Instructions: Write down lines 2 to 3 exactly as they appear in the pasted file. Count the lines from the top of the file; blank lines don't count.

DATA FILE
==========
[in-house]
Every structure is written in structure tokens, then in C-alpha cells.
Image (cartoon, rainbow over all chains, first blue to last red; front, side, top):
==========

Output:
Every structure is written in structure tokens, then in C-alpha cells.
Image (cartoon, rainbow over all chains, first blue to last red; front, side, top):